In light of public outcry, Traverse City oil company plans to shut down drilling operation in Shelby Twp.

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One of the three city-owned properties whose mineral rights were leased by Rochester Hills to a Traverse City-based oil and gas exploration company seeking to drill in the community. - COURTESY OF DON'T DRILL THE HILLS, INC.
  • Courtesy of Don't Drill the Hills, Inc.
  • One of the three city-owned properties whose mineral rights were leased by Rochester Hills to a Traverse City-based oil and gas exploration company seeking to drill in the community.


A Traverse City-based oil exploration company drilling for oil in Shelby Township announced it would cease operations by Friday, after an emergency town hall meeting last week drew nearly 700 residents.  



West Bay Exploration says in a release today it would cease drilling operations indefinitely at is Shelby Township exploration well. In light of the public outcry over the drilling location, as close as 500 feet to some residential homes, and environmental concerns, the company says it was urged by elected officials to halt its operation — including Republican Gov. Rick Snyder, state Sen. Jack Brandenburg (R-Harrison Twp.) and state Rep. Pete Lund (R-Shelby Twp.)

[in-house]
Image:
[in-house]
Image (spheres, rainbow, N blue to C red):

"Our goal is to be a good partner in the community, and it is clear that we need to work with neighbors and state officials to address concerns that are being raised before moving forward," says West Bay vice president Patrick Gibson, in a statement. 



Last week, Shelby Township's board of trustees approved a resolution that would place a moratorium on drilling in the community for six months, but Gibson told the Detroit News that likely held no teeth

Gibson says in the release that West Bay will develop a plan to quell concerns in cooperation with state officials. "We appreciate the patience of neighbors while we have been under construction and apologize for the disruption in their lives," Gibson says in the statement. 

The resistance to oil and gas drilling in suburban communities has continued to rise in recent years, as companies like West Bay have pursued mineral rights leases across Wayne and Oakland Counties. Vocal opponents have raised concerns about losing property value on their homes, as well as potential impacts to the environment. Earlier this year, Metro Times reported on a Rochester Hills-based group who sued the city and an oil company with mineral rights leases on city-owned property. 

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